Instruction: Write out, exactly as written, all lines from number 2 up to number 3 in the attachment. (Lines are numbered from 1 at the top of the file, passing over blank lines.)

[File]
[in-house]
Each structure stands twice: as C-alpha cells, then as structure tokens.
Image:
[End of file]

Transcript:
Each structure stands twice: as C-alpha cells, then as structure tokens.
Image: